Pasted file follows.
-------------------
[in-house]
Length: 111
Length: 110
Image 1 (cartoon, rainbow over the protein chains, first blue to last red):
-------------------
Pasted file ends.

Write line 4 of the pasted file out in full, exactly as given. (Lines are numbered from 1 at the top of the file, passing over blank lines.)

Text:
Image 1 (cartoon, rainbow over the protein chains, first blue to last red):